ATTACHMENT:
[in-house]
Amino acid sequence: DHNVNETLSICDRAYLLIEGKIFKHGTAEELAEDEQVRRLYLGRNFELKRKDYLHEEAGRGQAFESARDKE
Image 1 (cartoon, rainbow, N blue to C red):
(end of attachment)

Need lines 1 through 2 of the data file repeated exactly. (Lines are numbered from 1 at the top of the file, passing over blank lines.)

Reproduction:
[in-house]
Amino acid sequence: DHNVNETLSICDRAYLLIEGKIFKHGTAEELAEDEQVRRLYLGRNFELKRKDYLHEEAGRGQAFESARDKE